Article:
“Avengers: Age of Ultron” is the newest film in a long line of Marvel’s mission to transfer classic comic books to the big screen. Despite a few bumps in the road—not those caused by the Hulk, of course—Marvel has saved itself from releasing a flop film. That is, until now.
I must say this first: If you have not seen any of the Avenger films, start with the first “Captain America” and go from there; otherwise, you will be as clueless as Thor (Chris Hemsworth) talking about flying monkeys.
The penultimate Avenger-related film, “Captain America: The Winter Soldier,” ended on the cliffhanger of S.H.I.E.L.D. being decimated by Hydra and the remaining loyal agents scattering in the hopes of rooting out the evil agency. However, I must have missed the intermediate film because Ultron picked up somewhere completely different.
Long story short, the Avengers team up to destroy Hydra—but have already, kind of, destroyed it—and Tony Stark (Robert Downey Jr.) creates an artificial intelligence system named Ultron (voiced by James Spader) in order to protect the earth, but it becomes so intelligent that it decides to exterminate the Avengers and create a new race of, for lack of a better word, people.
The plotline is simply awful. It is as if audiences are driven off the bumpy road into a lake where all they can do is watch the car sink…in 3D. Rather than a plotline, it’s more of a collection of inside jokes and battle scenes.
Though the actors do a fine job with what they are given, they are not given a lot. They bring all of their usual, lovable characteristics but in a totally different type of movie.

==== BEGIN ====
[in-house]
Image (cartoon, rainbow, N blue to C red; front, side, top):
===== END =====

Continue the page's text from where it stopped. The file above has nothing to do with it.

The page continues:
Marvel goes from a thoughtful, cohesive storyline to a hot mess and then attempts to mold that hot mess into what they once had in the last few moments of the film. But all I can remember is the hot mess.
Then, there is the giant bilgesnipe in the room. Loki (Tom Hiddleston) is barely even alluded to, so I am left to wonder where he is. After all, he is the best character.
The dialogue is somewhat of a different story than the plot. At times it is clever and deliberate, but the rest of the time it is as if the writers fill the script with a can of Cheez Whiz because it is beyond lousy.
There are a number of lines that earn chuckles but nothing that makes audiences fall off their seats. Anyways, we were trying to absorb the pairing of Black Widow (Scarlett Johansson) and Bruce Banner (Mark Ruffalo), which is as subtle as Banner becoming the Hulk.
There are moments that stay true to the real Avengers, but those brief rays of sunshine are eclipsed by the plot, or the lack thereof. Walking out of the theater, all I felt was a poignant—that’s right, SAT—need to ask for my $14 back.